Project Canterbury












Pawson and Brailsford, Printers, Church Gates, Sheffield.


transcribed by David and Norma Sharp
AD 2002


I have been asked to allow this Sermon to be published. It seems, at first sight, an invidious thing for a sermon by a young clergyman to get into print. But when certain friends come forward and say, "We earnestly desire to print your sermon, if you will allow us;" I do not know what any clergyman could do but let kind friends have their way.

I believe I have received some hearty abuse for having preached this sermon. Perhaps I may receive more for allowing it to be published. I can only say that I believe every clergyman who preaches the truth, will suffer more or less for preaching the truth; and that (to counterbalance the abuse) I have received warm thanks, from many persons, for the sermon. "To my own Master I stand or fall." Let me say, however, that nothing was further from my thoughts or wishes than the intention to say anything rashly, or anything which might unnecessarily wound the feelings of persons who might differ from me upon the subject of the sermon. For it seems to me that it ill becomes any minister, how much more a young minister, to attempt to scold the parishioners. No, we read, "the servant of God must not strive, but be gentle unto all men." Being desirous, as God might enable me, of saying nothing rashly, I wrote the substance of the sermon nearly a fortnight before it was preached, and there is not a word in it, which I now regret having uttered. It contains plain speaking, but ever since I have been ordained, I have spoken plainly, though I trust never with intentional disrespect; and, by God’s grace, I always shall speak plainly what I believe to be God’s truth.

Many objections may be raised against the positions put forward in the sermon; and many people think that if they are able to raise one objection against an argument, or against a hundred arguments, that therefore such argument or such hundred arguments, are overthrown by this one objection; but I hope I may be permitted to say that this appears very bad logic to think that one objection, even if it be a sound one, can upset a hundred arguments, or even one sound argument. But what if such objection be an unsound one! The main position put forward in my sermon is, I firmly believe, one to which no denial can be truthfully given, namely, that it is a melancholy fact that the poor are, as a body, virtually excluded from, at least, the greater number of our town churches. I say, "the poor as a body:" for I grant, of course, that a few stray poor find their way into our churches. Now it is, I believe, the innovation of the pew system which we have very mainly to thank for this state of things. The truth is, we call the Church of England, "The church of the people." Well, in theory, I grant that she is so; but in practice, alas! too many of her members have made her anything but "the church of the people."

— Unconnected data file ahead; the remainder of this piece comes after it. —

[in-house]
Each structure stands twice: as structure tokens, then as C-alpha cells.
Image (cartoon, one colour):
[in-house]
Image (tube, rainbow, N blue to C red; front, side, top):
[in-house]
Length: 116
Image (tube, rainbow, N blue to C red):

Does not the very phrase—"the church of the people" imply that in such church the people ought to have free and open access to go and worship their God, without the humiliation and annoyance of asking my leave, or any other man’s leave to do so; and perhaps, after all, having such leave refused. What right, I ask respectfully, has any man to require from me that I should ask his leave before I kneel down beside him to say my prayers to my God in "the church of the people?"

The truth is, I repeat, that in theory we have "a church of the people." Common law and church law both declare the Church of England to be "the church of the people," in the sense, which is the only true sense of this phrase, that all parishioners have a right to go and worship God in their parish church. But in practice this law of church and state has been broken; and, as a consequence, the great mass of the people have lost confidence in the ancient national church. Not only the poor, but our shop hands, our respectable workmen and mechanics, our small shopkeepers; all these alike, it is too notoriously evident, have, as a body, lost confidence in the ancient national apostolic church; and drifted off, some into schism; many more into that which is much worse than even rending the body of Christ; into utter carelessness or open ungodliness.